The driveway extends all the way to the back edge of the house, and when we put up our fence over the driveway last summer, it left us with a delightful little “patio” area on the side of the house.  There’s still some more clean-up to do, but this space has potential too.

driveway "patio"The plan needs to be refined, and narrowed down to what’s possible, but here is our first crack at it:

garden planPlease excuse my fingers in the bottom right corner, the wind was picking up and the pages wouldn’t sit still for the picture.

We like clean and simple lines, and we were both on the same page when it came to the overall design and feel of anything we did with the back yard.  No elaborate garden beds, because as much as I like to think I have a green thumb, I really don’t, and I don’t keep up with the maintenance that a finicky garden requires.  We also have concerns that Simon will need to dig up the existing patio at the back of the house in order to finish his repairs on the foundation cracks.  The cracks along the side of the house will be repaired this summer from the outside, and I am very much in favour of being thorough and taking care of the rear wall as well.  So that means that this summer’s attack plan is for the far end of the garden only.

We want to cover up the chain link fence and gain some privacy in our yard, first and foremost.  I’m sure our beyond the fence neighbours are lovely, but I don’t need to see them all the time, and I bet they don’t want to see us either.  Rather than putting up a wooden fence directly in front of the chain link fence, we would like to install some kind of vertical garden.  We’re thinking of a pallet garden wall, supported by their own sturdy fence posts rather than relying on the who-knows-how-strong-it-is chain link fence.  And since that would be a large stretch of all the same look, I want to break it up with sections of just straight pallet “wall”, maybe with planters attached or some moss graffiti art.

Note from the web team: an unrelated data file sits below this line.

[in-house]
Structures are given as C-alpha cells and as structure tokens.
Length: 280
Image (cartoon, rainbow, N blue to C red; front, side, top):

For the gardens, we want to set up some raised garden beds for growing vegetables and fruit, and these will be high enough that a roaming mutt can’t romp right over the tender plants.  The area around the 3 or 4 raised beds will be all gravel.  This will eliminate a lot of the patchy grass/creeping vine problem.  Where the gravel meets the grass, we can hopefully reuse the concrete bumpy divider things, because free.

For the side patio, a few simple planter boxes would be nice, with flowers and herbs since they’re right outside the kitchen door.

The next step is to sit down with someone who knows more about plants and gardening than I do and create a plan (cue Momma).  We’ll also be visiting garden centres to get ideas and cost things out.  We’ll keep doing little touches here and there to the yard, and you’ll hear more from us when it looks like something worth sharing.

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About joeyandjanice

Two crazy kids trying to make sense of the jumble surrounding making the jump from renting to owning our first home. Join us here as we stumble towards the biggest purchase of our lives.